For the third time in as many years, Rory McIlroy is on his sofa watching the weekend action from the US Open instead of being involved. Yet while the Ulsterman joked, “I have only had three majors to target”, Paul McGinley believes there are “issues to be addressed”. McGinley, the 2016 Ryder Cup captain, is close to McIlroy and rates himself as one of his biggest supporters. But after watching him crash out here for a depressing hat-trick of missed cuts on 10-over, he was courageous enough to state what he believes is wrong. To McGinley, the golfing landscape has radically changed since McIlroy introduced himself as the heir to Tiger Woods at the start of the decade and he needs to rededicate himself to the challenge. McGinley craves to witness the old McIlroy, with those “pointy elbows” which pushed aside his rivals and as he takes his miserable downtime before reappearing on Thursday at the Travelers Championship – where he will look for just his second victory of any description in 20 months – he could do far worse than digest the comments. Yes his friend recognises that this campaign has been far from a disastrous one thus far – with a win at the Arnold Palmer Invitational in March, as well as a fifth at the Masters and two runners-up, including at the BMW PGA Championship at Wentworth three months ago – but McGinley cannot help but feel McIlroy’s bar must be set somewhat higher. McIlroy alongside Jordan Spieth in Southampton, N.Y. Credit: AP “There are definitely issues that need to be addressed,” McGinley said. “But I certainly don’t see it as technical. People say about his putting but from what we saw at Bay Hill [in Orlando, where he won in March] he is an inspirational putter and he’s always been. I think it’s more to do with attitude and the second phase of his career. In his first phase we have a saying in Ireland that he had ‘pointy elbows’ – ‘get out of my way, here I come, just watch me, I’m going to dominate’. “That doesn’t seem to be the case anymore. I know the competition has got better but that attitude of Rory’s, bouncing down the fairways and just steamrollering the field, we haven’t seen in a while. Yeah, he won at Bay Hill this year, but he won from getting into contention in the last four or five holes and then having a flurry of birdies to get over the line. That’s what we want to see back, that’s when Rory is at his best. When he has those pointy elbows and he’s bouncing down the fairways and he’s dominating.” But how to get there? McGinley, who is here on Long Island working for Sky, believes he must look forwards for the answers and not backwards and as the 29-year-old stands at the crossroads of a career which boasts four majors, but none in the last four years, McGinley feels the necessity for a fresh attitude and the “drive” to learn how to tackle the more arduous challenges. McIlroy talks with his caddie Harry Diamond Credit: GETTY IMAGES “He’s not the new kid on the block anymore,” McGinley said. “When he was winning his major championships, the last of which was four years ago, he was out on his own, he drove the ball better than anyone else. But now there are four, five six guys who can drive as long and as straight as him. “He’s made a lot of money in the last number of years, won his tournaments and has a big CV and is well known around the world. This is a new phase of his career and it’s going to take a new attitude and a new drive to go with it. That’s what missing. “The second thing that is missing is his ability to play tough courses. His CV is littered with success, but it’s not littered with success on brutally tough golf courses, war of attrition type courses, like the one he was presented with here. Those issues need to be addressed for Rory if he is continue on the [trend of the] tremendous early part of his career.” Of course, McIlroy has already won America’s national championship but that was in 2011 on the saturated Congressional course in Washington, which presented a benign test as far removed from Shinnecock Hills as can be imagined. Nevertheless, McIlroy claimed he was ready for this examination. It is just that the syllabus changed when the 30mph gusts came in during Thursday’s first round. McIlroy after winning the US Open back in 2011 Credit: GETTY IMAGES “Those conditions took me by surprise and that is what really got me,” McIlroy said. “The conditions were a lot better [on Friday] and I played well – the way I have been playing in decent conditions recently. “It feels like the last three years I have only had three Majors to target and this one has been a write-off! Every time you come in to a US Open you know it’s going to be tough. I showed glimpses of the good form but I just wish I had handled the conditions better in the first round. “I felt my game was in good shape – I felt the long game was there; the short game was there. I felt like I didn’t hit that bad shots [in his 80] – I just wasn’t prepared for those conditions.” The truth is, McIlroy actually was on the easier side of the starting sheets. The average round for those drawn early-late was roughly 74.5 while the average for the late-early wave was 75.6. It was more than a shot advantage but still McIlroy found himself 14 behind world No 1 Dustin Johnson, who built up his four-shot halfway advantage from the unfortunate half. McIlroy’s reservations about “tough conditions” hardly bode well for The Open in five weeks’ time. Carnoustie is definitely the hardest course on the Open rota and, if Mother Nature is feeling malicious, can even be classed as the most demanding of all the major venues. Before then he tackles what is likely to be a generous set-up in Connecticut, before the Irish Open, which he promotes at Ballyliffin. On the rugged links at the tip of Co Donegal it will all get serious again.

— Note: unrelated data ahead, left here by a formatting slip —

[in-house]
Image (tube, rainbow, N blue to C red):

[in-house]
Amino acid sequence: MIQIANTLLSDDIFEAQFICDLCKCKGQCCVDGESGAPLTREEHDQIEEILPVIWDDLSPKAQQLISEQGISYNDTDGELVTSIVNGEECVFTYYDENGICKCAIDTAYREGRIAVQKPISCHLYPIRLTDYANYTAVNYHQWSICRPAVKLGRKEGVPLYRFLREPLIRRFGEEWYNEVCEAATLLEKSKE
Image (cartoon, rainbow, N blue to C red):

Rory McIlroy must rediscover his 'pointy elbows' as he enters a new phase of his career